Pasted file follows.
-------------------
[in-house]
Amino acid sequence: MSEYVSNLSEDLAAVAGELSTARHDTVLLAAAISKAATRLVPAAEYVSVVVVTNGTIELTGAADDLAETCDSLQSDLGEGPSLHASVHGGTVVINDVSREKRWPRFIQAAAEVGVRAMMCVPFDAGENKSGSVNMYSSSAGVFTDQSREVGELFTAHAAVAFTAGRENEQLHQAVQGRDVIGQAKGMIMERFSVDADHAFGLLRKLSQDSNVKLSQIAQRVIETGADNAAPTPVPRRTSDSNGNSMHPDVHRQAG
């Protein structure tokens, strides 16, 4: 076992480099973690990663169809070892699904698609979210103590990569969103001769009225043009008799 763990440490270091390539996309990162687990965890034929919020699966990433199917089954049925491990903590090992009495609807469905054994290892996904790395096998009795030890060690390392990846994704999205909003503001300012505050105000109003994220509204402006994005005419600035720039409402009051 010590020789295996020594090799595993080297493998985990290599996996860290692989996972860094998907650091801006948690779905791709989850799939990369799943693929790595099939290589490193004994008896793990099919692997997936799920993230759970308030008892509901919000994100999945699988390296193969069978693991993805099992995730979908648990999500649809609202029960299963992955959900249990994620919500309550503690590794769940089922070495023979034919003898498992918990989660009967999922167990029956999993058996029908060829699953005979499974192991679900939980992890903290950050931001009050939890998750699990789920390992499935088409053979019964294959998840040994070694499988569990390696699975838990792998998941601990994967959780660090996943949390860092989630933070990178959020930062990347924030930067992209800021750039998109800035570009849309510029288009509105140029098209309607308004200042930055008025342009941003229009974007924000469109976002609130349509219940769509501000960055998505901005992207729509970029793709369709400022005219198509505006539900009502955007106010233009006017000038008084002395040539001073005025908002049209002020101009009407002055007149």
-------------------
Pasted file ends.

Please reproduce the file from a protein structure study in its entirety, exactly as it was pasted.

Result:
[in-house]
Amino acid sequence: MSEYVSNLSEDLAAVAGELSTARHDTVLLAAAISKAATRLVPAAEYVSVVVVTNGTIELTGAADDLAETCDSLQSDLGEGPSLHASVHGGTVVINDVSREKRWPRFIQAAAEVGVRAMMCVPFDAGENKSGSVNMYSSSAGVFTDQSREVGELFTAHAAVAFTAGRENEQLHQAVQGRDVIGQAKGMIMERFSVDADHAFGLLRKLSQDSNVKLSQIAQRVIETGADNAAPTPVPRRTSDSNGNSMHPDVHRQAG
């Protein structure tokens, strides 16, 4: 076992480099973690990663169809070892699904698609979210103590990569969103001769009225043009008799 763990440490270091390539996309990162687990965890034929919020699966990433199917089954049925491990903590090992009495609807469905054994290892996904790395096998009795030890060690390392990846994704999205909003503001300012505050105000109003994220509204402006994005005419600035720039409402009051 010590020789295996020594090799595993080297493998985990290599996996860290692989996972860094998907650091801006948690779905791709989850799939990369799943693929790595099939290589490193004994008896793990099919692997997936799920993230759970308030008892509901919000994100999945699988390296193969069978693991993805099992995730979908648990999500649809609202029960299963992955959900249990994620919500309550503690590794769940089922070495023979034919003898498992918990989660009967999922167990029956999993058996029908060829699953005979499974192991679900939980992890903290950050931001009050939890998750699990789920390992499935088409053979019964294959998840040994070694499988569990390696699975838990792998998941601990994967959780660090996943949390860092989630933070990178959020930062990347924030930067992209800021750039998109800035570009849309510029288009509105140029098209309607308004200042930055008025342009941003229009974007924000469109976002609130349509219940769509501000960055998505901005992207729509970029793709369709400022005219198509505006539900009502955007106010233009006017000038008084002395040539001073005025908002049209002020101009009407002055007149």